24 Sep London Luxury-Home Prices Rise on Lower-Taxed Property
Luxury-home prices in central London rose at their fastest rate in three months in September, powered by demand for properties that escape a new higher rate of sales tax, Knight Frank LLP said. The average value of a house or apartment in the U.K. capital’s most expensive neighborhoods climbed 0.7 percent from August, according to an index compiled by the London-based broker. The annual increase was 10 percent compared with a 13- month low of 9.9 percent in August.
Chancellor of the Exchequer George Osborne raised sales tax for properties valued at more than 2 million pounds ($3.25 million) to 7 percent from 5 percent starting in April. The number of homes sold that weren’t subject to the higher levy rose by 23 percent in the third quarter from a year earlier. That lifted prices in the bracket by about 12 percent, Knight Frank said.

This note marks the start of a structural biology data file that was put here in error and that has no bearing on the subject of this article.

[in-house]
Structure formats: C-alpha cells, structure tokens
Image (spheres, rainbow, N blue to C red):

“London’s market performance continues to be aided by overseas buyers, who account for more than 50 percent of buyers in the 2 million-pound plus market,” Liam Bailey, Knight Frank’s head of residential research, said today in a statement.
Russian, Indian, Italian, U.S. and French nationals were the biggest buyers from overseas, the broker said. Foreign buyers accounted for 41 percent of prime London homes purchased for 1 million pounds or more.
Values have risen 51 percent to a record since March 2009, the low point for London’s prime residential market after the financial crisis, according to the report.
Knight Frank compiles the index from its own appraisal values of a sample of properties in the 13 most expensive central London neighbourhoods, such as Belgravia, Mayfair, Kensington and Knightsbridge.